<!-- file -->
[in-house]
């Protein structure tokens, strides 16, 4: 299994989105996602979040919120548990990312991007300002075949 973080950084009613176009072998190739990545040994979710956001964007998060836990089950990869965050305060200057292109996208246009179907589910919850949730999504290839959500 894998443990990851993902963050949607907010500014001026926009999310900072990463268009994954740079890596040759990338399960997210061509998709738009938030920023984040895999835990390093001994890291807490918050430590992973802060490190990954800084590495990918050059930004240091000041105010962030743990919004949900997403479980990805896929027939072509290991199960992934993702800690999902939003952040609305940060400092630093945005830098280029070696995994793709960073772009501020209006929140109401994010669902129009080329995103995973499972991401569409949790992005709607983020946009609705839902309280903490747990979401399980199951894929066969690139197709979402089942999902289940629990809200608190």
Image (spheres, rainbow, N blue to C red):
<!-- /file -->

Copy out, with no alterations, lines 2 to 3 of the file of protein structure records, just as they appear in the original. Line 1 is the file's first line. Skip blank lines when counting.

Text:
């Protein structure tokens, strides 16, 4: 299994989105996602979040919120548990990312991007300002075949 973080950084009613176009072998190739990545040994979710956001964007998060836990089950990869965050305060200057292109996208246009179907589910919850949730999504290839959500 894998443990990851993902963050949607907010500014001026926009999310900072990463268009994954740079890596040759990338399960997210061509998709738009938030920023984040895999835990390093001994890291807490918050430590992973802060490190990954800084590495990918050059930004240091000041105010962030743990919004949900997403479980990805896929027939072509290991199960992934993702800690999902939003952040609305940060400092630093945005830098280029070696995994793709960073772009501020209006929140109401994010669902129009080329995103995973499972991401569409949790992005709607983020946009609705839902309280903490747990979401399980199951894929066969690139197709979402089942999902289940629990809200608190």
Image (spheres, rainbow, N blue to C red):